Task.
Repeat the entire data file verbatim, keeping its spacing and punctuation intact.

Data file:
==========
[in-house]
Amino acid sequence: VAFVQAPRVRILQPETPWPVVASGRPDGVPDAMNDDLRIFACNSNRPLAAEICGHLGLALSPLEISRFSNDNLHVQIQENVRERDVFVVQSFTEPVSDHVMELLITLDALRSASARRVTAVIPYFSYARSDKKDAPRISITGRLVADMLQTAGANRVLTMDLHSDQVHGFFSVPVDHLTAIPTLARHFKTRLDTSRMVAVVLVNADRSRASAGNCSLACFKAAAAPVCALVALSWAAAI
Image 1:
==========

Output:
[in-house]
Amino acid sequence: VAFVQAPRVRILQPETPWPVVASGRPDGVPDAMNDDLRIFACNSNRPLAAEICGHLGLALSPLEISRFSNDNLHVQIQENVRERDVFVVQSFTEPVSDHVMELLITLDALRSASARRVTAVIPYFSYARSDKKDAPRISITGRLVADMLQTAGANRVLTMDLHSDQVHGFFSVPVDHLTAIPTLARHFKTRLDTSRMVAVVLVNADRSRASAGNCSLACFKAAAAPVCALVALSWAAAI
Image 1: